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An Alternative View of COVID 19 in Alberta


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I am Al Poole, retired Site Leader,  NOVA Chemicals, Joffre site. Like everyone else, I’ve been overwhelmed with information about Covid 19. It is in my nature to ask questions – and keep asking until I get a satisfactory answer. As a former Site Leader at NOVA Chemicals, Joffre I am aware of what emergency response plans look like. This isn’t it

Why am I doing this?

  1. I accept that covid may be more contagious than other influenzas and requires thoughtful and well planned interventions to minimize the impact on all citizens (I say “may” as there is considerable disagreement on the PCR test method – even by its founder).. However, I am puzzled as to why the AB government and AHS will not consider the opposing opinions coming from other health and science experts. I suspect the truth is somewhere in the middle.  Why are they so reluctant to engage other opinion to ensure we are on a productive path to protect all Albertans. I am surprised at how willingly many Albertans have accepted the ongoing dogma by our government, AHS and the media. Fear factor is something to worry about. I believe it results from sharing inaccurate models and the constant reporting of cases even though we know cases are not harmful to the vast majority of Albertans.  Clearly – our media people are caught up in the fear factor. I hope people will read this and begin a process to become more informed on – What is And What isn’t –  as it relates to Covid. People need to ask more questions – demand better information.
  2. Read these articles: one by David Redman on a proper Emergency Response Plan – why ignore it?  Second one – Great Barrington Declaration, written by some smart qualified medical people – why it is simply dismissed?
  3. See this article on our freedoms and rights in the National Post from Preston Manning


1) At the outset we were alerted to the fact the virus (like flu viruses) is likely to mutate.  Now – it has and continues to mutate.  Even more concerning is the notion it only happens in other countries and can only enter Canada – versus accepting the mutation can happen here too.

2) Soon after governments accepted Covid was real and in Canada they declared, “we must protect our most vulnerable”.  Everyone agreed! It still makes sense as one of the important objectives – but not the only one.


As of Jan 25rd in Alberta (Based on data from Alberta Gov’t interactive web site on Covid):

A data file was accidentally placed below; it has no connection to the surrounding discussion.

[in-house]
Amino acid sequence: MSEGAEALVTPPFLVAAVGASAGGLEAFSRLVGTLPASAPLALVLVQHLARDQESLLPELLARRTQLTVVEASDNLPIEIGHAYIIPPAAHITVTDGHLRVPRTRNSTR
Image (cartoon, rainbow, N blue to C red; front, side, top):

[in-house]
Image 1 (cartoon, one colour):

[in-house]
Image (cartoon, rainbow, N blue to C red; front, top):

• Over 95% of people contracting the virus have few to no symptoms;
  • Less than 5% are hospitalized;
  • Less than a 1% in ICU;
  • Average age is 82;
  • No one under the age of 20 has died.

Across Canada over 80% of deaths are in Long Term Care Facilities (most vulnerable).

So – how have they done protecting the most vulnerable? They have done a miserable job – and I am not surprised.   They were offered an emergency response plan but chose to ignore it. The plan outlined by Mr. Redman is consistent with my  Emergency Preparedness and Response training and experience.  Further, as soon as you enter the realm of personal protective equipment to protect people from respiratory infection – you are into seriously rigid procedures.  I have seen no evidence of meaningful procedures.

Deaths (using 4,400,000 as Alberta population – actual slightly higher):

  • Covid deaths (1549):  0.04%
  • Annual deaths (from all causes in 2019 – over 26,000):  0 .6%
  • Deaths among elderly continue to rise – no surprise as they did not protect most vulnerable.

Age at death (comorbidities a major factor in most of these deaths):

  • 80+ – 1030
  • 70s – 316
  • 60s – 160
  • 50s – 50

In summary:

I worry the hype of new strains will lead gov’t to more and longer lockdown restrictions with out any realization these same actions  have made it worse for our most vulnerable and have made it worse for so many other Albertans.. A good Emergency Response Plan would have done a better job of protecting our most vulnerable – less deaths – less load on hospitals and much less impact on Alberta citizens and way of life. It is not too late to rethink the covid approach to something more effective in protecting our most vulnerable and getting Alberta citizens and businesses moving back toward normal life and operations.